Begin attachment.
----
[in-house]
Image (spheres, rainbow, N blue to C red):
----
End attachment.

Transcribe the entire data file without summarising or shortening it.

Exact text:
[in-house]
Image (spheres, rainbow, N blue to C red):